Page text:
FROM THE BLAME GAME TO LEARNING ABOUT HEALTH SYSTEM PERFORMANCE

Stream: Panel 30 - Public Policy & Social Justice: Public Sector Autonomy and Accountability 
Date: Tuesday, 27 September 2016
Time: 11.30 am – 1.00 pm

Abstract

The performance of health systems with respect to costs, quality of outputs and outcomes, but also access, are prerequisites for both evaluating social justice, as well as maintaining the legitimacy (and sustainability) of these systems. Since the early 1990s Australia, through the Australian Health Minister’s Advisory Council, began the process of developing a national health system performance framework. This includes service delivery measures for hospitals and has since been used as a template for national data collections on mental health services. The paper examines and compares the creation of these performance frameworks and their evolution since the 1990s. More specifically, it examines the use of this information for learning about health system performance and setting normative standards about what constitutes good (and sometimes just) performance across states and territories. Drawing from both the literature on collaborative governance and philosophy around epistemic justice, the paper presents a conceptual framework for assessing learning and uses this to identify conditions for learning in Australia’s intergovernmental health system. It applies this framework to interview data collected from government officials working in health and mental health policy and implementation across three states and the Commonwealth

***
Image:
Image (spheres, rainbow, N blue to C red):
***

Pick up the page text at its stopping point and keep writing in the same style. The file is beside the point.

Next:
Author

Amanda Smullen (Presenter), ANU
Contact details:
Dr Amanda Smullen
Senior Lecturer
Crawford School of Public Policy
Australian National University